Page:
- Nara Period Architecture: Todaiji Temple. Built during the Nara period, the Hokkedo is the oldest building at Todaiji, and is said to be the remains of Geumjosa Temple, the predecessor to Todaiji. It is also known as the Sangatsudo Hall. The main hall in front of the temple was added during the Kamakura period (1192-1333), and the two halls are beautifully harmonized to create a uniform appearance. Inside the hall is a treasure trove of Tenpyo sculptures, including a standing statue of the Amapasa Kannon (a national treasure), a statue of Brahma and Teishakuten (a national treasure) standing on either side of the Sumida platform, and a standing statue of the Four Heavenly Kings (a national treasure) protecting the main deity at the four corners of the inner sanctuary. Among them, the standing statue of the Vajra God is famous as the most secret of the hidden Buddhas because the door is opened only on December 16.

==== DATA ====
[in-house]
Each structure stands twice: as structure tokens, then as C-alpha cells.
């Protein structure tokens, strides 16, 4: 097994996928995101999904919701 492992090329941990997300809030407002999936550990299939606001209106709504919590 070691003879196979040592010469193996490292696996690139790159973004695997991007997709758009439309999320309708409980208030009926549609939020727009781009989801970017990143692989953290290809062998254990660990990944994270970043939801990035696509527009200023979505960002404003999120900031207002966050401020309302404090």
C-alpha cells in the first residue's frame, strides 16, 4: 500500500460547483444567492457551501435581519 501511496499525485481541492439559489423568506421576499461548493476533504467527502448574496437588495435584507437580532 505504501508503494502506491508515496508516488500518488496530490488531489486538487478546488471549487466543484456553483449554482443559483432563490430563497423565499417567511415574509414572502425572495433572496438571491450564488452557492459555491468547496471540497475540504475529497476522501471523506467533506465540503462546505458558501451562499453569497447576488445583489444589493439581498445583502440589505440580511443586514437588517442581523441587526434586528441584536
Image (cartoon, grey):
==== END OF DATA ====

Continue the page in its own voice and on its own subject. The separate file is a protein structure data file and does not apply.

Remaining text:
- Heian Period Architecture: Daigoji 5-story pagoda. Daigoji Temple is located in Daigo-yama (Mt. Daigo) and the temple is located at the foot of the mountain. Daigoji is a huge temple complex, and the pagoda was the brainchild of Emperor Suzaku. It was built for his father, Emperor Daigo. Construction started in 935, and it took 17 years to perfect. There have been many fires in Daigoji Temple, during the Onin War a large part of the complex was burnt to ashes, but only the five-story pagoda survived. The pagoda is the oldest surviving wooden structure.